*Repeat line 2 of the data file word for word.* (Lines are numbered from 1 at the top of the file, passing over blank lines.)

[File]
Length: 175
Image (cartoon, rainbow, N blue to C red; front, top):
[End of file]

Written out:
Image (cartoon, rainbow, N blue to C red; front, top):